In the morning we crammed them and their packs into our overladen steeds and were welcomed with a fairly easy drive to the Capital of Ulaanbaatar. Potholes to miss and occasionally to drive off road, but atleast no more mud. As we reached our destination, we reflected that the experience would have been different across Mongolia if it had been all paved. We were lucky to experience the epic madness that Mongolia had thrown at us. Our cars were going to make it, we had done it, the finish line was just a 100kms away!. At that moment the Panda's rear shock falls off. We pull off to the side of the road and decided that to remove the hanging shock and to let the car drive on just the spring. We would have to be careful and everything would be fine.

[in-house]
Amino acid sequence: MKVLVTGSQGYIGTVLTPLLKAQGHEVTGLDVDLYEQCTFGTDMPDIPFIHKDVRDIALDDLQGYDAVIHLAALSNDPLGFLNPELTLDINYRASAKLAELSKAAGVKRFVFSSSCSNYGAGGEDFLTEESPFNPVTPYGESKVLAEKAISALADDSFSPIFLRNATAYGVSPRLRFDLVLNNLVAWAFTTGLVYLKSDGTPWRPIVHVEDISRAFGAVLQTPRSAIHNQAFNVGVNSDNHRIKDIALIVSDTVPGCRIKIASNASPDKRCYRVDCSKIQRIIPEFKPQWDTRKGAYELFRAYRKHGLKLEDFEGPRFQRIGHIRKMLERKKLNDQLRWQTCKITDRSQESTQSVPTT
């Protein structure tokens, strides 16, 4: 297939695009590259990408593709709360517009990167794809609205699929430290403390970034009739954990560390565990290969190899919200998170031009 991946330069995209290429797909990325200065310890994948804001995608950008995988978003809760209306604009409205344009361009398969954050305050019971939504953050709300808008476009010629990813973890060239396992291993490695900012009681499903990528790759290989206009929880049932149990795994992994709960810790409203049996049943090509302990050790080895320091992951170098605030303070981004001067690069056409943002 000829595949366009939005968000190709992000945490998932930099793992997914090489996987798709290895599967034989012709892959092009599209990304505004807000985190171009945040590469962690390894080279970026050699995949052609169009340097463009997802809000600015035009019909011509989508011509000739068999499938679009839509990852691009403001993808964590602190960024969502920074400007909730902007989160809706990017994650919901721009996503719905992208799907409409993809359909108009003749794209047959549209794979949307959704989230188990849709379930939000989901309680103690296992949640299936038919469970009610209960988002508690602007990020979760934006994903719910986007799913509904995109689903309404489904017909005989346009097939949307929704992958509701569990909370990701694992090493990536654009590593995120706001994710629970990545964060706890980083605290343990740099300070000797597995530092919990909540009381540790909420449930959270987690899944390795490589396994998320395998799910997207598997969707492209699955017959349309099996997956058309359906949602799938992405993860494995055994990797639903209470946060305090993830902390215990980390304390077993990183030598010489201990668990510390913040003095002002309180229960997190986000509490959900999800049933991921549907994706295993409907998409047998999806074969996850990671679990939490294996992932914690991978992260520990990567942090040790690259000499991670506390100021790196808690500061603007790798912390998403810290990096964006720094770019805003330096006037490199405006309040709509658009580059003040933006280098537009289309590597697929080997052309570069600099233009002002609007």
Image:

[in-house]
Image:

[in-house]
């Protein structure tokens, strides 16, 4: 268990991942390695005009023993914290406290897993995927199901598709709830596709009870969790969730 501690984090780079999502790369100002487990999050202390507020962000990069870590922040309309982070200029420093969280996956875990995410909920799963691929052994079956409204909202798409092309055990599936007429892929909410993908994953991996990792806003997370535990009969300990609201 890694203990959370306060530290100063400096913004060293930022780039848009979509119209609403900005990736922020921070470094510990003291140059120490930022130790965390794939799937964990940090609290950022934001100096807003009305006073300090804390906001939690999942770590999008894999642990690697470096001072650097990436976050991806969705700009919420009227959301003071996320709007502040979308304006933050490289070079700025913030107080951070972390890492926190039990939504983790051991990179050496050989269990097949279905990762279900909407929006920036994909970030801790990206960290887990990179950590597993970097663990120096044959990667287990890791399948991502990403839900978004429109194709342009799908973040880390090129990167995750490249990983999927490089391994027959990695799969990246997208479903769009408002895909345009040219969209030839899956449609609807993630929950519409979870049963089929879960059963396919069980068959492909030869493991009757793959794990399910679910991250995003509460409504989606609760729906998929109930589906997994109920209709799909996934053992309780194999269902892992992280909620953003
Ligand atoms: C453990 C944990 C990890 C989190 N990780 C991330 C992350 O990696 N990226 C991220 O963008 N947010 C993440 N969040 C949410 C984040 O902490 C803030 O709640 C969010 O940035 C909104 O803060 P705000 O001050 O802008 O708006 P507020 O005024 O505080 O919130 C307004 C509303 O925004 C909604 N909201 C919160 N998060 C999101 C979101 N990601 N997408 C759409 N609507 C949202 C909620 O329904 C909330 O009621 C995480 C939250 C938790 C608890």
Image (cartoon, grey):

This thought of carefulness lasted about 1/2 hour when we saw an advert of go shoot a bazooka and drive a tank theme park! We veered off the road again to drive over a treacherous mountain that eventually lead us to an army base. We looked around didn't see anything that looked like a tourist entrance. What did catch our eye was a sign to the "Training Ground" written in English, so that must be it. Well it wasn't. We were stopped by a bunch of Mongolian soldiers, wondering what the heck we were doing on the middle of an army base! Eventually the commander (who spoke immaculate English) came and we explain the situation. He smiled and told us that we were lost (again), and that the "theme park" had closed last year and was on the other side of the mountain. But if we called him later on he could arrange for us to drive some of his tanks at a later date! Realizing that our little detour could have ended us in a Mongolian prison, we felt it was best to head for the finish line.